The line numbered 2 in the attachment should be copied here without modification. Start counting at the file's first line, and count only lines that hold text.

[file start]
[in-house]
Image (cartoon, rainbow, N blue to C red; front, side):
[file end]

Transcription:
Image (cartoon, rainbow, N blue to C red; front, side):